Lebanon and the UAE are strong advocates for women’s freedom in the region, but they are being upstaged by Saudi lately.
Saudi women are emerging into the scene, prompted by the Kingdom’s leadership, which began their women’s liberation campaign late last year; and this year will not be any different.
Check out this stunning announcement!
Who needs a chaperon?
A spokesman for the Saudi Commission for Tourism and National Heritage (SCTH) was quoted in the media Thursday as saying that women aged 25 and above can now have a tourist visa to Saudi Arabia, without the need to be accompanied by a family member or companion.
The SCTH told Arab news that the issuance of the tourist visas would be announced during the first quarter of 2018.
“Regulations for tourist visas have been finalized and an electronic system is being built in coordination with the National Information Center and the Foreign Ministry,” Director General of the Commission’s Licensing Department, Omar Al-Mubarak, was quoted as saying.
Moreover, Saudi women now have privileges more than before.
In 2017, King Salman issued an order allowing Saudi women to benefit from government services, such as education and healthcare, without needing their male guardian’s consent.
Saudi female chauffeurs on the horizon
A study by CNN, published on Thursday, says that Uber and Careem, the companies behind the leading ride hailing applications in Saudi Arabia, are recruiting the first Saudi female drivers.
Careem launched a series of 90-minute training sessions in the Saudi cities of Riyadh, Jeddah and Al Khobar, targeting Saudi women who have already acquired valid driving licenses while abroad, as reported by CNN.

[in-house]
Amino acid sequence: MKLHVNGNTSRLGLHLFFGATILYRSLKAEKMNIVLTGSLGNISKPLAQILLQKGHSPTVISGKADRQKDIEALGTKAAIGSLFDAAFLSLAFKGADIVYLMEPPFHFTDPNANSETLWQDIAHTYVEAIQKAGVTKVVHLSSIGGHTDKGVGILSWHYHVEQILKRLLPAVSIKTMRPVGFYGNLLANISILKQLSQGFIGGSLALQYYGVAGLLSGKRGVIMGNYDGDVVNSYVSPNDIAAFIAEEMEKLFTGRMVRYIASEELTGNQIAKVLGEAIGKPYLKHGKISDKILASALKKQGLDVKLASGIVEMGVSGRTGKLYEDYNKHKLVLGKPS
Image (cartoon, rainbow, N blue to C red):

“Taught by existing female Saudi employees of Careem, the sessions educate attendees about Saudi road laws, customer service techniques, and how to use the application’s platform,” it said.
It quoted Abdullah Elyas, Co-Founder and Chief Privacy Officer at Careem as saying that Careem already received thousands of applications from Saudi women interested in becoming drivers.
Uber, meanwhile, has announced plans to open “one-stop-shop” facilities dedicated to recruiting future female drivers, or “partners,” as the company calls them, according to CNN.
Statistics provided by Frost & Sullivan reveal that 90,000 to 150,000 women approximately are expected to get driving licenses in KSA annually.
Saudi’s lifting of the driving ban paves the way for women to be more mobile, thus more involved in the Saudi workforce.
Working Saudi women
According to the Saudi Gazette, the number of women seeking jobs during Q3 2017 reached 1,040,727, compared to 190,822 men only.
Saudi women now have a diversity of work options.
They will soon be able to join the Saudi Ground Services Co. as clerks at check-in counters starting February, according to Arab News.
The Saudi Gazette also reveals that the Saudi Ministry of Labor and Social Development went ahead with plans to introduce Saudi women sales personnel at shops selling women’s accessories at indoor malls, outdoor shopping centers and independent stores starting October 21, 2017.
Also, the Maaden Mining Co. announced in December 2017 a partnership agreement to establish a new training program for women to develop the mining skills of Saudi women.
Saudi women have already been given more responsibility as high-level appointees in major governmental posts.
While in the past Saudi women entertainment options were limited to mall shopping and eating at restaurants, they could, as of this coming Friday, attend soccer games, cheer and sneer as they please the teams on the pitch.
According to The Independent, women will be able to attend three football matches from the Saudi Professional League in a first for the country.
“The three stadiums which are set to hold the relevant fixtures have been specifically ‘adapted’ to allow for family and women’s seating,” according to the statement.
“This implies crowds will initially be segregated.”
Last year in October, Saudi men and women attended the “Short Film Competition 2” Festival at King Fahad Culture Center in Riyadh, with the hall being segregated by gender.